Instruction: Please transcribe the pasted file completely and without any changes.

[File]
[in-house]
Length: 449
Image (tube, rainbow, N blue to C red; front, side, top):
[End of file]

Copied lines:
[in-house]
Length: 449
Image (tube, rainbow, N blue to C red; front, side, top):